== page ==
When I received an invitation to tour a Vietnamese garment manufacturer, I was most interested as horrible images of the past danced in the shadows of my mind. Who could forget gospel singing, Christian darling Kathie Lee Gifford’s Honduras sweatshop that, according to the 1996 report of “Human Rights Group,” employed children as young as 12 making slave wages for her Wal-Mart line of clothing. Although Gifford denied any knowledge of the children’s substandard working conditions, I did hear her state “Those kids were lucky to have a job.” For a recognized Christian spokesman, I found this attitude to be rather interesting and revealing.
Even Snow White’s multimillion dollar Disney brand was exposed by a multitude of journalists, including Charles Kernaghan and Frederick Kopp, for working with garment manufactures in Haiti that employed children working under the same conditions as found in the Honduran sweatshops but for ven less money. What was so amazing with squeaky clean, saintly Disney is they got away with this crime against children and humanity for over 20 years before being exposed.
The 2006 National Labor and Human Rights Committee Report, published by Harvard Law School, indicated over 200 children, many as young as 11, were forced to work in sweat shops in Bangladesh for such U.S. companies as Haynes; Wal-Mart; J.C. Penney; Puma; Harvest Rich. These children were locked into their work environment for 14-hour shifts, seven days a week. When their production quotas were not met, they were beaten by adult supervisors who wanted to make sure they were earning their six cents an hour. Once this report was released, more corporate funds were spent on damage control as opposed to compensating the child victims they created.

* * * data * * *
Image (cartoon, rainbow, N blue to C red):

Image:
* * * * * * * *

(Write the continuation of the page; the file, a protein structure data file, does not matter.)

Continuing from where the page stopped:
Disney has at least one board member who makes about $34 million a year; Wal-Mart has at least one board member who makes about $25 million a year. Under our current Calvinist, fundamentalist-sanctioned business system, we would never ask the question: “How many millions of dollars do we need to make before we give some of it back to the six-cent-an-hour common laborer?”
Now that the Republicans control Congress, I had a fear that we would stop exporting exploitation of children and actually bring these practices back onto the mainland under the banner of ‘creating new jobs’ or ‘the new work ethic.’ I could not wait to see garment manufacturing in Vietnam.
Upon arrival at my assignment, the first thing I saw was the company store and I immediately heard Tennessee Ernie Ford’s voice “I owe my soul to the company store.” These are times in Southern America I actually witnessed. My heart literally began to race.
The General Director of GARCO 10 is an outgoing, friendly, immediately likable woman, Nguyen Thi Thanh Huyen. She showed me the company store, which is open to the public and offers general merchandise as well as food. The major difference from the exploitative U.S. model, that folk legends Ernie Ford and Merle Travis sang about, is that GARCO 10 employees receive huge discounts. Nobody at GARCO 10 owes their soul to the company.
I then saw the on-site hospital, which offers employees universal health care that includes dental, acupuncture, medical, and eye examinations. Just as I was absorbing this, I caught sight of the on-site day care center and special party area for the children of GARCO 10 employees. “I was a GARCO 10 baby,” Huyen told me, “I was born in the hospital at mom’s work site.” Huyen then proudly told me some of the families are into their fourth generation of workers. The children are educated at the work site and are instructed in dance, theatre, ballet. “GARCO 10 functions more as a family unit,” Huyen told me and I was beginning to see this for myself.
GARCO 10 also has a number of other unusual features. They have their own shops where employees are trained as sales associates. They offer off-the-rack, as well as custom-made, clothing items. Their modern, elegant styles brought me back to my youth in the country when we looked forward to getting the Sears or other big city catalogues just to look at the cool clothes we would never see. They also have their own hotel and restaurant that trains employees in all aspects of those particular employments.